Takeaways From "The Happiest Toddler on the Block"

photo (35)
photo (35)

When Rooney was 3 weeks old, we watched The Happiest Baby on the Block DVD. It was made in 2002 and could really stand to be updated, but we actually learned a lot from it. Dr. Harvey's tricks and tips worked really well for our family (my favorite is his pacifier trick to teach a baby how to keep it in their mouth!). We liked it so much that we lovingly refer to it as "The Happiest Parents on the Block."

So, when I found out there was a The Happiest Toddler on the Block DVD, I ordered it right away. We haven't had to deal with a full-on tantrum yet (Roo is 16 months, though, so she's just starting to test her independence), but I can see it coming. This information is geared toward parents with children aged 8 months – 5 years. Honestly, it's still a little awkward/kooky to us, but maybe it works?

Anyway, here's what we learned:

Basic Principles

  1. Your toddler is not a mini adult. Their brains are unbalanced (leaning toward impulse instead of reason). Think of them as little cavemen.
  2. Use the fast food rule (see below) when your child starts to whine or cry. FIRST acknowledge their feelings and THEN tell them why they can't have what they want. Calm them down before being rational or explaining to them why you are saying no.
  3. Speak in "toddler-ese" -- short phrases (1-3 words) repeated over and over, using the same level of emotion they do. You would say something like, "You want to go outside! You're so mad you can't go outside!" Once they understand that you "get" what they're saying, they will calm down and listen to what you have to say next (which is why they can or cannot go outside). Every moment is a teaching moment!

The Fast Food Rule

  • Just like a fast food clerk, repeat back to your child what they are asking ("You want to go outside and play!") before telling them what you want ("We can't go outside because it's raining."). Be empathetic! I know Rooney gets a huge smile on her face when I repeat back to her what I hear her saying. She loves this validation that her communication is getting through to me.
  • Everyone wants to know that they are respected and understood.
  • Show that you care about their feelings before telling them no or explaining why they can't have what they want.

Preventing Tantrums

  • Avoid common problem areas (hunger, fatigue, caffeine, being ignored, change, violence, being stuck indoors)
  • Keep good communication/respect with your child all day long (use toddler-ese even when you're giving them what they want)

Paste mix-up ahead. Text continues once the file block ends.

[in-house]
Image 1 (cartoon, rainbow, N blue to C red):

• Feed their meter (with rewards, routines, limits and focused playtime)
  • Teach patience (don't always give them what they want as quickly as they want it)

Encourage Good Behavior

  • Gossip about your child. Let your child overhear you praising them to your spouse. For example, I might say to my husband, loud enough for Rooney to hear me, "I heard Rooney ate all her peas at daycare today! What a big girl!" (Hint: Only use this method positively.)
  • Let them win little victories or help you with a chore (pretend that you can't lift something, and they feel big and proud when they help you). This makes them happy!

General Tips

  • It’s hard to be a toddler! Everyone else is bigger and stronger. Toddlers have ideas of their own but don’t always know how to communicate them.
  • Blow in your child's face if they hold their breath when they are mad (although Dr. Harvey says it doesn't hurt them if they do pass out).
  • If your kids laugh at you when you tell them no, make sure your tone is stern, and you can even use a growl if needed (which is how they speak - they understand that language).
  • It's never right to lose your temper with your toddler. If you get to your limit, ask your spouse to step in and put yourself in time out until you can calm down.
  • The "terrible 2s" begin at the child's second year of life and peak around 18 months. (I hope this is true since we are almost there!)
  • If a child asks the same question over and over, ask the question back to them and have them answer you.
  • I’ve also read that repeating your child’s words back to them is the greatest validation they can have at this age. Hooray for communication!

The DVD reinforced my feelings that when Rooney seems fussy, she usually craves one of three things: attention (love), rest (sleep), or energy (food). When we are alone together in the mornings (for about 90 minutes after Eric leaves for work), she occasionally will follow me around and fuss. I try to go through the list to see what she needs from me. Sometimes it's all three!

Has anyone else seen the DVD? I think it will feel awkward at first, and I'm not looking forward to doing it in public (even Dr. Harvey admits it's embarrassing), but I think it may actually work!

What is the hardest thing for you to deal with as a parent of a toddler? When do you think the terrible 2s begin and peak for your child?